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“Culturally Appropriate and Rights-Compatible”: The Esprit De Corps Of the United Nations Guiding Principles on Business and Human Rights & the Hague Rules on Business and Human Rights Arbitration

Published on February 4, 2020        Author:  and

 

Concluding a long journey of consultations and elaborations, the Hague Rules on Business and Human Rights Arbitration (the “Hague Rules” or “the Rules”) were launched on 12 December 2019 at the Peace Palace in The Hague, Netherlands. The Hague Rules – the first of their kind— serve to provide a concrete framework for arbitrating business and human rights (“BHR”) disputes and are the manifestation of over five years of efforts involving the elaboration of the concept of business and human rights arbitration, consultation with numerous stakeholders and drafting of the text (see, e.g., here and here).

While ground-breaking in their own right, the Hague Rules join an elaborate framework of legislation in the rapidly evolving field of BHR. While a full overview of the hard and soft legal framework surrounding BHR would exceed the parameters of this post (for example, the Draft UN Treaty on Business and Human Rights is already the source of ample media attention) any conversation on business and human rights would be amiss without mentioning the United Nations Guiding Principles on Business and Human Rights (the “UNGPs” or “UN Guiding Principles”). As the authoritative global standard on BHR, the UNGPs are imperative to preventing and addressing the adverse human rights impacts linked to business activity, and the interlinkages between the UNGPs and the Hague Rules shed light on coherence in this field.

Overview of the UNGPs

Unanimously endorsed by the United Nations Human Rights Council on 16 June 2011, the UNGPs are the first globally accepted standard articulating States’ duty to protect human rights from impacts of business activities, while recognizing companies’ responsibility to respect human rights throughout their operations and their business relationships. The UN Human Rights Council established the UN Working Group on business & human rights in the same resolution. More specifically, the UNGPs are based on three pillars, outlining how states and business should implement the framework:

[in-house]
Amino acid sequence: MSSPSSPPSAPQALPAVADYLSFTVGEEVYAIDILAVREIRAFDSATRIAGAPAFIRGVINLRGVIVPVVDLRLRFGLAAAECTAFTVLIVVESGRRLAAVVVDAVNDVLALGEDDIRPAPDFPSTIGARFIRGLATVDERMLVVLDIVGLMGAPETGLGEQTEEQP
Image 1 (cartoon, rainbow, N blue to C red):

• Pillar I: The state duty to protect human rights;
  • Pillar II: The corporate responsibility to respect human rights;
  • Pillar III: Access to remedy for victims of business-related abuses.

Since being endorsed in 2011, the UNGPs have received wide support from civil society, the corporate sector, and states and frequently serve as the standard for various policy commitments. Read the rest of this entry…

Filed under: Human Rights
 

An Analysis of the Use of ICJ Jurisprudence in Investor-State Dispute Settlement

Published on May 13, 2019        Author: 

Last October 2018, the International Court of Justice (“ICJ” or “the Court”) issued its merits judgment in Obligation to Negotiate Access to the Pacific Ocean (Bolivia v. Chile). In a brief passage, the Court summarily dismissed Bolivia’s argument that the doctrine of “legitimate expectations” exists in general international law outside the context of fair and equitable treatment clauses. Despite the brevity of the Court’s analysis – and the minor importance of the legitimate expectations issue in that case – this finding drew attention from media outlets dedicated to investor-State dispute settlement (“ISDS”), including IAReporter. That the discussion of legitimate expectations in the Bolivia v. Chilejudgment was considered newsworthy in the ISDS sphere is a reflection of the importance that ISDS practitioners place on ICJ jurisprudence. As Professor Alain Pellet observed in a 2013 lecture, “[n]ot only do … investment tribunals… refer to the jurisprudence of the World Court, but they show a particular deference to it.”

There is some evidence, discussed below, to suggest that ISDS tribunals have referred to ICJ jurisprudence with increased frequency in recent years. Moreover, as ICJ President Abdulqawi Ahmed Yusuf highlighted in his October 2018 speech to the U.N. General Assembly, the Court today is particularly busy. There may thus be even more opportunities for jurisprudential cross-pollination in the near future. Now is an opportune time to consider why, when, and how investor-State tribunals refer to ICJ jurisprudence.

Read the rest of this entry…

 
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